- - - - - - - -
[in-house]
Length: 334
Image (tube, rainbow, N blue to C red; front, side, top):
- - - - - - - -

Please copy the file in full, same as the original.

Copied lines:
[in-house]
Length: 334
Image (tube, rainbow, N blue to C red; front, side, top):